This myth is also without any conclusive or physical evidence. Just because they are not using the VPN or the latest version of the Antivirus makes them vulnerable to data thefts is not a rational reason. The recent Ransomware “Wanna Cry” and other malicious softwares are able to bypass several layers of security or able to find a vulnerability in the operating systems. So it’s myth that a remote worker is more likely to suffer data theft than an employee working at the office.

4. Communication is Lost with Remote Workers

The quality of communication is often perceived to be downgraded when a remote worker is on board. Companies these days provide digital methods of socialization. Setting aside intentional blocks of time for casual “break room talk” via video calls, non-work related Slack channels (hanging out with kids and a sports event always hits the bull’s eye), and offsite meet ups are all ways that remote teams foster communication and feel connected.

The use of a task management software like TaskQue suits this scenario perfectly especially for project managers and team leads.

5. Meetings are Ineffective

Meetings are actually more fruitful these days as Skype, Zoom and other softwares make it very easy and effective. Remote teams are more conscious of different time zones and geographical limitations and thus try their best to communicate well with their members and managers. In this way, they are able to make certain that through virtual meetings everything goes smooth and as planned earlier.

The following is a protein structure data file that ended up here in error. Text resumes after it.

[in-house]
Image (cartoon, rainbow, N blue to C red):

6. Remote Workers are not a Happy Lot

The people working at home and at remote locations are often identified as lonely individuals. Sure they work at home but not all of them are lonely. A majority of them socialize after the working hours and are as funny and interesting to hang out with like any other person. Even if they work at a remote location far away from the hustle and bustle of the city life, there are now startups which are focused on bringing remote workers into unoccupied spaces like restaurants during work hours.

7. Remote Work Increases Costs

Remote workers do not incur extra cost as compared to regular employees. This is another misconception because people think that sending employees at a remote location or work at home bear extra cost of the company in the shape of giving those employees extra benefits like travel allowance. Because of no setting up costs like office furniture and food/tea/coffee is needed, overhead costs actually decrease in this scenario.